5. Keynote speeches

5.1 Jeremy Corbyn MP, Wednesday 26 September 2018

The leader of the Labour Party Jeremy Corbyn MP gave the keynote speech at the Labour Party Conference.

Ending the conference in Liverpool, Corbyn promised a 'green jobs revolution', said Labour would 'rebalance power in the workplace' with more workers on boards, and pledged to expand free childcare provision.

He also pledged to make huge social improvements in office, including increased funding for mental health services and social care, a levy on second home ownership and increased homebuilding.

Corbyn made the following key points in his speech:

  • Brexit: Corbyn said Labour's priority was to 'get the best Brexit deal for jobs and living standards to underpin our plans to upgrade the economy and invest in every community and region.' He added that Labour, 'as it stands', will vote against the Chequers plan 'or whatever is left of it and oppose leaving the EU with 'no deal'.'
    • Corbyn said it would be inconceivable and a national disaster for the UK to crash out of Europe with 'no deal'. He added that if Parliament voted down the government's Brexit deal, or if they fail to reach one, Labour would press for a general election. Corbyn then said: 'Failing that, all options are on the table.'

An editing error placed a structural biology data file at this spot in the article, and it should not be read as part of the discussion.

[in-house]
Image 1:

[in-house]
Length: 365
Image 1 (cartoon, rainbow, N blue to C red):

• He also went on to say that Labour would support a sensible deal that delivered a customs union and no hard border in Ireland, and which protected jobs, people's rights at work and environmental and consumer standards.

  • Corporate governance: As announced in John McDonnell's speech, Corbyn said Labour were proposing to give the workforce of all large UK businesses the right to elect a third of the seats on their boards.

5.2 Sir Keir Starmer MP, Tuesday 25 September 2018

Shadow Secretary of State for Exiting the EU Sir Keir Starmer QC MP gave a speech at Labour Party Conference, setting out Labour's position on Brexit and a second referendum.